The literature on the biologicalbases of personality disorders is reviewed. The followingbiological criteria are considered: genetic factors, hormonal disorders, enzyme disorders,disorders of the serotoninergic system and CNSorganic lesions. So far, none of these criteriahas achieved sufficient diagnostic and prognosticvalidity. The authors suggest the need to developa diagnostic instrument which would link psycho-social factors to the most well-studied biological 10 concepts.
The authors discuss the cerebralmechanisms underlying development of antisocialpersonality disorder. They review the role of severaldifferent pathogenic factors such as locationof brain lesions, aetiology and neurophysiologicalsigns. The significance of neuroimaging and thesearch for neurophysiological measures of cognitivedisorder in psychopaths are discussed. Thereasons for terminological and theoretical inconsistenciesare explained and suggestions for furtherresearch are given.
Every year about 300 forensic psychiatric expert opinions are issued because of offencesinvolving soldiers. Both military and non-military experts produce these opinions. Whenthese opinions are confronted, either in day-to-daypractice or in comparative studies, experts arefound to differ significantly with respect to theirassessment of accountability and the military delinquent'scapacity for army service. The varioustypes of discrepancy of opinion are reviewed andan interpretation is suggested.
Personality disorder was diagnosedin 41 cases (39%) of women referred by the court for forensic psychiatric observation. 73% of all patients at the Department of Forensic Psychiatrywere referred because of aggressive acts, mainlymurder of family members. None of the patients inthe present study had limited accountability butsome had reactive disorders and were not examineduntil their health improved. The most frequentlydiagnosed personality disorder was emotionalinstability and the most typical motives werejealousy and revenge. Because the social consequencesare so severe, further studies of personalitydisorders in women are needed.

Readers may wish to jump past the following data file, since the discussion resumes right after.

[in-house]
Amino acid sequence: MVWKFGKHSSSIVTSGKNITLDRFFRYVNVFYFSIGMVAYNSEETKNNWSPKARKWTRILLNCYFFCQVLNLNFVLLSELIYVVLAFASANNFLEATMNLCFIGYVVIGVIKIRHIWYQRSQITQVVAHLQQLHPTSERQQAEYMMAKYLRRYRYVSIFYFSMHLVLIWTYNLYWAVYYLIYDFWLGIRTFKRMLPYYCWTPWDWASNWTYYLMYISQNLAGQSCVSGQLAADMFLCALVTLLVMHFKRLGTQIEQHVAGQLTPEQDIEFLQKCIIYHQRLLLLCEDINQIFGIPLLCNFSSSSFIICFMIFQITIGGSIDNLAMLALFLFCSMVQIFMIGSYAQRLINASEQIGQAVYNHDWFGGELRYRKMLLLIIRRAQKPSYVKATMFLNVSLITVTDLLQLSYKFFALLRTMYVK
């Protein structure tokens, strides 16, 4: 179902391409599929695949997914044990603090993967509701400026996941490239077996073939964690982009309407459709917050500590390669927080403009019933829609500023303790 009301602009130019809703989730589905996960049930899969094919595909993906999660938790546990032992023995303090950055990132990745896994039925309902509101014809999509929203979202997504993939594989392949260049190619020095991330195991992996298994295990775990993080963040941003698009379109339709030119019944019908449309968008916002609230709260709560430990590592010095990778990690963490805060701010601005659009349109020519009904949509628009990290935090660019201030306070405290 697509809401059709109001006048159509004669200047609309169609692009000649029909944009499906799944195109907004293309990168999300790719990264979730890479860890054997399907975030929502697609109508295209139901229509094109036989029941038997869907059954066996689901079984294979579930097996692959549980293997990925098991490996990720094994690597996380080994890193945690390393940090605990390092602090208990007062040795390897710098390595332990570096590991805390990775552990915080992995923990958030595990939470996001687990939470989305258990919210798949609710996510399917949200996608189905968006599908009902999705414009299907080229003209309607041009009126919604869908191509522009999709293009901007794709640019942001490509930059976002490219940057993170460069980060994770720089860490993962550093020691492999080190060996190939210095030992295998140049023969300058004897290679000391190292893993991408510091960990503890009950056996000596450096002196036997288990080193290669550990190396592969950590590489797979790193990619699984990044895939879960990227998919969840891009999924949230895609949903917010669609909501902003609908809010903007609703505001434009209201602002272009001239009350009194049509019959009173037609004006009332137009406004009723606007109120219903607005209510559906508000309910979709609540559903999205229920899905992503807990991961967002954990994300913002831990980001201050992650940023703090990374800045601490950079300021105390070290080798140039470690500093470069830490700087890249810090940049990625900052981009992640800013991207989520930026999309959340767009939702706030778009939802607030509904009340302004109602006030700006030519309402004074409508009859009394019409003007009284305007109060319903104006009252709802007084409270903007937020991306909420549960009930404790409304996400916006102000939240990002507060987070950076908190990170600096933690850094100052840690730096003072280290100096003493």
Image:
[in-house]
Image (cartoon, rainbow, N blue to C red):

The problems confronting forensicpsychiatrists and the latter's role are discussed onthe basis of data gathered by the Department of Forensic Psychiatry in Utena in 1994-1998. ICD-10was used to assess typical personality features anddiagnostic categories. The contribution of the psychologistto the complex forensic psychiatric examinationis emphasised and the need to introduce thelimited accountability clause is stressed.
The results of a complex studyof aggressive behaviour in female juvenile delinquentsare presented. One hundred and eightyeight girls manifesting behaviour disorders (antisocialand delinquent) were studied. Significantmicrosocial, psychological psychopathological aggressivefactors and gender-determined factorsare signalled and the latter's connection with pathologicalaggression are discussed. The considerablesignificance of aggressive fantasies in female aggressionis noted.
In a group of predictors accountingfor 68.7% of the variance of homicide, the followingpersonality dimensions had significant effects:(1) anxiety –from negative to average in thehomicide group; (2) emotional competence-negative; (3) aggression and hostility –near averagelevel in the homicide group. Other significantpredictors were situational stress at the time of thecrime and biological functioning. The contribution(from strongest to weakest) of the different predictorscan be rank-ordered as follows: situationalstress then personality dimensions then biologicalfunctioning. Together this hierarchy predicts homicidewith a probability of almost 70%.
Diagnosis of personality disorders for the forensic psychological expert opinion is the source of much controversy, particularly in less typical cases. The author suggests a list of cognitive, affective and behavioural symptoms which may be helpful in differential diagnosis for forensic psychological purposes. Irrational behaviour and psychologically confusing motives for the crime were the criteria used to select cases for the present study.
The author presents the most importantchanges in the Polish executory penal codewhich have affected the approach to mentally handicappedpersons who have been sentenced to prison.He discusses the legal principles and grounds forpsychological and psychiatric examination of sentencedpersons and persons remanded in custody andthe functioning of the therapeutic system.